Cystic fibrosis (CF) and pregnancy
What advice will be given to a cystic fibrosis patient who wants to conceive?
There is no standard advice. In short, she must be in a satisfactory physical shape without any serious complications of cystic fibrosis.
The one important contraindication to pregnancy is if she has developed pulmonary hypertension, where the blood pressure in the arteries in the lungs is abnormally high. Pregnancy in such a situation could cause heart failure, which many necessitate terminating the pregnancy as a life-saving measure.
The physician looking after the woman will carefully assess the effect of the disease, including on her lungs, the gut, pancreas (risk of diabetes) and heart, before giving his or her "blessing" for the planned pregnancy.
What is the advice regarding the prospects of the offspring?
This is a difficult area. One consideration is the inevitably limited life-span of the mother. This needs to be looked at critically by the prospective parents. The second issue is the possibility of the child being affected. The mother will definitely pass on the rogue gene. It may be important to check whether the partner carries the gene. About 5 per cent of the Caucasian (white) population carry the gene, so the chances among them is relatively high. The rate among those of African or Oriental descent is much lower.
A test to check the status of her partner is available but it detects only about 70 per cent of the carriers, and therefore there is still a risk of a carrier being missed.
Can pregnancy worsen the condition of the patient?
This is possible. A careful eye will be kept on the pregnant woman through the course of the pregnancy.
Will physiotherapy and antibiotics continue to be necessary during pregnancy?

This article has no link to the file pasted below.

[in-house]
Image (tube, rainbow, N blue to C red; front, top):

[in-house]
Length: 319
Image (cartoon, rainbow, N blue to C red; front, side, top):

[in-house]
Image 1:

Yes, and more so. Penicillin or a form of cephalosporin commonly used to prevent infection are safe.
Also inhalational drugs to help dilate the lungs will almost certainly be required on a regular basis. All these are known to be safe.
For a cystic fibrosis sufferer, is the baby at any kind of risk?
By virtue of the respiratory and nutritional problems cystic fibrosis patients encounter, the risk of growth restriction in the womb is quite considerable. Sometimes it gets so bad that preterm delivery becomes inevitable.
Other maternal complications such as respiratory or heart failure may also prompt preterm delivery.
Is induction of labour any different if the woman is a cystic fibrosis sufferer?
No. Prostaglandin E (Prostin)- which is the most popular induction agent - is safe to use in cystic fibrosis sufferers. Oxytocin (Syntocinon) is also used, when necessary, to augment labour.
What about pain relief in labour?
In cystic fibrosis, there is a slight worry about the effects of opiates such as Morphine or Pethidine, because of their depressive effect on respiration. Because of this, epidural analgesia is strongly encouraged among these patients. This has additional advantages in that it prevents unnecessary exertion in the late stages of labour, something a cystic fibrosis patient can ill-afford. In addition, if a caesarean section becomes necessary, this may be the only form of anaesthesia required, avoiding a general anaesthetic.
An epidural is, by far, the most effective form of pain relief in labour.